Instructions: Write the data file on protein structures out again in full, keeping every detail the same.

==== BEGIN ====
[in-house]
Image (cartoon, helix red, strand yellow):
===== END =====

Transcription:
[in-house]
Image (cartoon, helix red, strand yellow):